Capillary action is also a result of surface tension. As we mentioned, this happens in plants when they "suck up" water. The water adheres to the inside of the plant's tubes, but the surface tension attempts to flatten it out. This makes the water rise and cohere to itself again, a process that continues until enough water builds up to make gravity begin pulling it back down.

Water's hydrogen bonds are also why its solid form, ice, can float on its liquid form. Ice is less dense than water because water molecules form crystalline structures at freezing (32 degrees Fahrenheit or 0 degrees Celsius) temperatures. The thermal properties of water are also linked to its hydrogen bonds. Water has a very high specific heat capacity, which is the amount of heat per unit mass required to raise its temperature by one degree Celsius. The energy required to raise the temperature of water by one degree Celsius is 4.2 joules per gram. Water also has a high heat of vaporization, which means that it can take a lot of heat without its temperature rising much. This plays a huge part in the climate, because it means that oceans take a long time to warm up.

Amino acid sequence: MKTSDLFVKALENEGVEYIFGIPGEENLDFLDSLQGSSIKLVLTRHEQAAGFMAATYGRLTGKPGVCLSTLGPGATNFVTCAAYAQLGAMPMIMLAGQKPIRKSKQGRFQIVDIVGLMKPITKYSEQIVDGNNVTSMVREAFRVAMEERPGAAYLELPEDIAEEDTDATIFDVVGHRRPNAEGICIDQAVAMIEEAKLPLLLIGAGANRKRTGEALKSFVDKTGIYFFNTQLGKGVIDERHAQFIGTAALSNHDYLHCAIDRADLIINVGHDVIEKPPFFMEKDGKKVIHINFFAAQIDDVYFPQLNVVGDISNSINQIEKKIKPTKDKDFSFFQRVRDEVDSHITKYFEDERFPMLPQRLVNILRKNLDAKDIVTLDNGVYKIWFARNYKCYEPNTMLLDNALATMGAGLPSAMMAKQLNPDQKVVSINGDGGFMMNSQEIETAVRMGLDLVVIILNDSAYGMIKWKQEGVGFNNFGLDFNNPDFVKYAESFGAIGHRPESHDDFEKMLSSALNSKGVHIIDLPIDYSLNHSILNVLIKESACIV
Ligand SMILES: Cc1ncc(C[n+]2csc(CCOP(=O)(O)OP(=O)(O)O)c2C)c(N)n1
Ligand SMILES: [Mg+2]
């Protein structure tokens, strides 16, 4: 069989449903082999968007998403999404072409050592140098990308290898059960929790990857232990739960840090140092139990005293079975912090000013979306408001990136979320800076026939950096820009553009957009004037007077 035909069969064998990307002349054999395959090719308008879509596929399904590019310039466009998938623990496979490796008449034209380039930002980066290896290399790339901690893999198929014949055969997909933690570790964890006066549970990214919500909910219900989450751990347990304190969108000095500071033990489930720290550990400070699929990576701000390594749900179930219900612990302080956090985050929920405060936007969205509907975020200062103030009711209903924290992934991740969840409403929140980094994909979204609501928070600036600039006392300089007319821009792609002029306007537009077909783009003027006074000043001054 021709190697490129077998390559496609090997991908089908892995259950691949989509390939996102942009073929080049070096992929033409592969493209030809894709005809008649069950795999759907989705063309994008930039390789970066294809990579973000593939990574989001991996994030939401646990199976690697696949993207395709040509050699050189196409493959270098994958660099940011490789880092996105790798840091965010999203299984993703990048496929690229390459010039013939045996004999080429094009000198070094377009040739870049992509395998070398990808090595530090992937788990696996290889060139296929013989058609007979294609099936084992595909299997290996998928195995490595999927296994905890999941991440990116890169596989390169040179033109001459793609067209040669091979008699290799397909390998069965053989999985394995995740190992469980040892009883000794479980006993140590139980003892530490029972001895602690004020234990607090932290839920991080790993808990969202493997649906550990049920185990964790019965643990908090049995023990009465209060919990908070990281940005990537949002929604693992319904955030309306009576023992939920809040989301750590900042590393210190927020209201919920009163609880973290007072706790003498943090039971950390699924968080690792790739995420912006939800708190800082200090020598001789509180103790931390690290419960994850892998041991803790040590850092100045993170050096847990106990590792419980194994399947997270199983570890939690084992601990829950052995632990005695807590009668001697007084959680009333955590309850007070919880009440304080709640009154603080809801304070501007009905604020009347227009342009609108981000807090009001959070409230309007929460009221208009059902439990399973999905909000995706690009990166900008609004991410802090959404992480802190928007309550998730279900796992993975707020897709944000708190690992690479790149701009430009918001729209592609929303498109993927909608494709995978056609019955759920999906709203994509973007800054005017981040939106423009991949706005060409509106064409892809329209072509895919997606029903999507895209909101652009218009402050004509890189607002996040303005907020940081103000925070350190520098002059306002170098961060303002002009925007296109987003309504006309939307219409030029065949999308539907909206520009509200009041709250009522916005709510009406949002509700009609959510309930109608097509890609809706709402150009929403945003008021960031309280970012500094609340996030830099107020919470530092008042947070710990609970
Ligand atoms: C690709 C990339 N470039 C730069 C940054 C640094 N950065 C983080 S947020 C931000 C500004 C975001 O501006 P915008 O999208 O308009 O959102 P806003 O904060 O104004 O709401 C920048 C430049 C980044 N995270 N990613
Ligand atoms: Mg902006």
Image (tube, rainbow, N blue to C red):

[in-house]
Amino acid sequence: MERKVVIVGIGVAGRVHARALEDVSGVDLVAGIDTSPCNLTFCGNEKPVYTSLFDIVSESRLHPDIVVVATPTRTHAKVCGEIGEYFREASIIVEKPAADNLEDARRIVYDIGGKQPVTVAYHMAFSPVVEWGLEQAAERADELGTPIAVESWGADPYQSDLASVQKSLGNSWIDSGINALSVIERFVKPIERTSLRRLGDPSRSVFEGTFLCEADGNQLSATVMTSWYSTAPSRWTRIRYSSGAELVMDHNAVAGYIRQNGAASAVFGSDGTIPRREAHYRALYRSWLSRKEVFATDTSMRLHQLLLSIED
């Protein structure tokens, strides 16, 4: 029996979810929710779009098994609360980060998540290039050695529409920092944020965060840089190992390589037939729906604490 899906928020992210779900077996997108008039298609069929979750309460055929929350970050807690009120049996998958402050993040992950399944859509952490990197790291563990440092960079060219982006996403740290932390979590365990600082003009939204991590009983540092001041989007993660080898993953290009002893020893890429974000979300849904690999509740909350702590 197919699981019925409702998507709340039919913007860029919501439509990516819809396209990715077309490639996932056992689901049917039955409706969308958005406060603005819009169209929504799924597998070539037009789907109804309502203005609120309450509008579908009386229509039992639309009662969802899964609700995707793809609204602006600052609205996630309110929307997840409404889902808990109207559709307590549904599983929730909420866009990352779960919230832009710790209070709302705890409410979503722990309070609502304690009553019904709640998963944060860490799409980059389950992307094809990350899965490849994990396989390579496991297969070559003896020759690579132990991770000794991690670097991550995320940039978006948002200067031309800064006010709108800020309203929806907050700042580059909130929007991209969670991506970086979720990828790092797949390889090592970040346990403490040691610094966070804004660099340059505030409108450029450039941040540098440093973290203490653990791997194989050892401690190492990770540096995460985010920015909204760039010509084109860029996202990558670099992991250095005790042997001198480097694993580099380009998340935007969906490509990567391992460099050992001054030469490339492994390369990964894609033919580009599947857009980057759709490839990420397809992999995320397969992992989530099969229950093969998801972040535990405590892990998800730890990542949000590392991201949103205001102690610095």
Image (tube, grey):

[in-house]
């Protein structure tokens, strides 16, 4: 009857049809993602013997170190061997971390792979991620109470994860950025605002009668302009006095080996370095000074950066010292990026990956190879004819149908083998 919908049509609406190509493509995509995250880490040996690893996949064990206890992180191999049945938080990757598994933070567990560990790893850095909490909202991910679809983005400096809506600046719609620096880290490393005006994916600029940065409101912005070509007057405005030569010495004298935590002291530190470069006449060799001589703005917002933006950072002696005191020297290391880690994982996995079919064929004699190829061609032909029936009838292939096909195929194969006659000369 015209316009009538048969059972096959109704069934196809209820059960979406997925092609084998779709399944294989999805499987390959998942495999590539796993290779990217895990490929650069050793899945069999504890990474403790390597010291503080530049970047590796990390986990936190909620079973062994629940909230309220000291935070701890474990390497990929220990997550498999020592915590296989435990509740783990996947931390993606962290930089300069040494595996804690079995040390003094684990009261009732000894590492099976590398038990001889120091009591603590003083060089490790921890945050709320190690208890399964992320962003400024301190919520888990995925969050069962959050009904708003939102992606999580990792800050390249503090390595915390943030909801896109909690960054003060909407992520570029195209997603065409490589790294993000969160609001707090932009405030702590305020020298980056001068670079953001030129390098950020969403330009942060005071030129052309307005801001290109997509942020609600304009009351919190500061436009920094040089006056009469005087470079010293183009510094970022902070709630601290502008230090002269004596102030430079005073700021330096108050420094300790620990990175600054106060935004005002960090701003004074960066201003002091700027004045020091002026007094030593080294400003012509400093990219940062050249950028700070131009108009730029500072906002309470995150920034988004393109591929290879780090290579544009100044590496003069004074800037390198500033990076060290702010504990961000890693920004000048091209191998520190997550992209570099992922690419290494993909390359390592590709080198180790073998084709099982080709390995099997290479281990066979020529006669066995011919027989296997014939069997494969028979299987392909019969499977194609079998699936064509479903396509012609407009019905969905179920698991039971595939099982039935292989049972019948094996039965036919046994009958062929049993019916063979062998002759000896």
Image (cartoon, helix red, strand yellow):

Water is often known as the universal solvent, which means that many substances dissolve in it. Substances that dissolve in water are hydrophilic. This means that they are as strong or stronger than water's cohesive forces. Salt and sugar are both polar, like water, so they dissolve very well in it. Substances that do not dissolve in water are hydrophobic. This is the source of the saying "oil and water don't mix." Water's solvency is why the water that we use is rarely pure; it usually has several minerals dissolved in it.

The presence of these minerals is the difference between hard water and soft water. Hard water usually contains a lot of calcium and magnesium, but may also contain metals. Soap will not lather well in hard water, but hard water isn't usually dangerous. It can also cause lime scale deposits in pipes, water heaters and toilets.

Some of the latest controversy about water's properties lies in how ice behaves when it melts. Some scientists claim that it looks about the same as it does when it's solid, except that some of its hydrogen bonds are broken. Others claim that it forms an entirely new structure. So for all of its importance, we still don't completely understand water.

For lots more information about water and related topics, check out the links on the next page.


Frequently Asked Questions

How does water's unique chemical structure contribute to its ability to support life?